He recommends choosing one or two activities and practising hard. “Also do your sport, light weights, do yoga, zumba... even if there’s a lack of space there are solutions to stay in shape,” he said.
In 2009, astronaut Frank de Winne became the first European to command the International Space Station. He said it was vital to maintain human contact, even if only electronically. “Means of communication are there, you have to make the effort and use them,” he said. The Belgian, now in quarantine on Earth, makes sure to video call his elderly mother at the same time each day. “That allows her to see me. It also creates a bit of structure for her because she knows that I’m going to call her,” he said.
Topic: NASA and Tide team up to do laundry in space
Tide is going to outer space. The Procter & Gamble brand is partnering with NASA to keep astronauts’ spacesuits fresh, even on Mars.
Company and NASA scientists have created a fully degradable detergent that will clean clothes without wasting water.
Over the next decade, they’ll be testing fabric care products, including Tide pens and wipes, at the International Space Station and on missions to the moon and Mars.
The months or even years that astronauts spend away from Earth means that their spacesuits and clothes can become smelly and stained. Clothes have to be reworn several times before they are ejected with other waste into the atmosphere or sent back to Earth as trash. A crew member will receive 160 pounds of clothes per year through resupply shipments.
He said it will be a reusable space complex, noting that it will be possible to use its first stage at least 100 times.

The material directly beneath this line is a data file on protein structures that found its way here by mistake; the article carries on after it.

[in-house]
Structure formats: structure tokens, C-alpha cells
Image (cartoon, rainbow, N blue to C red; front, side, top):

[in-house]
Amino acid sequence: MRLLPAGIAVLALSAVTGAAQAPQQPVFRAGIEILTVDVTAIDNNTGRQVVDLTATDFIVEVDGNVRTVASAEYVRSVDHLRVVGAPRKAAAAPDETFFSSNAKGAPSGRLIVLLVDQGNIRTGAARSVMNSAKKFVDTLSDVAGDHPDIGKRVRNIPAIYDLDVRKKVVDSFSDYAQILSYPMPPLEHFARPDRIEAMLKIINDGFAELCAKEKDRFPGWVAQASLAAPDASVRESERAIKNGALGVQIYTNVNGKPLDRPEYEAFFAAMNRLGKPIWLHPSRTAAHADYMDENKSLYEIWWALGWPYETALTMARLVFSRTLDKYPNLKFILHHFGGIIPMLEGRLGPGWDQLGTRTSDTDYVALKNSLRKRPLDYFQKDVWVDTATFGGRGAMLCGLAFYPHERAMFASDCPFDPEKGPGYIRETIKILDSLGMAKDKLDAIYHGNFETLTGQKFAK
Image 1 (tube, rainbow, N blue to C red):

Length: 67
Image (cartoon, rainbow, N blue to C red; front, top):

"Of course we are looking at what our American colleagues are doing," said Rogozin. "But our engineers are trying to take a shortcut － not to repeat what our SpaceX colleagues are doing but surpass them."
But the fiery fate of a booster rocket, wherever it comes down, speaks to the larger issue of space debris and space sustainability, especially as space becomes a target not just for national space programs but also increasingly the private sector. Under international treaty, private space actors, who are expected to put 45,000 satellites in low Earth orbit over the next several years, are under the legal responsibility of their host nations.
Add to that an estimated 9,300 tonnes of space junk that is already orbiting the planet and the probability of space collisions and debris pollution is an issue of concern.
Previously, a piece of paint the size of a fingernail struck the windscreen of a space shuttle, piercing two of three layers of glass.
The fate of Long March 5B could refocus governments and international bodies on the issue of space sustainability, and that could provide more opportunity to firms like UK-based Astroscale that are preparing to tackle the debris problem with commercial junk-collecting services.
Astroscale is currently demonstrating a vehicle called “ELSA-d” in lower Earth orbit to show that space debris clean-up is indeed possible. It is a fiendishly difficult task, especially if the target satellite is spinning and tumbling. The test is using a satellite to capture a test drone with a magnet. In time, larger objects will require a robotic arm.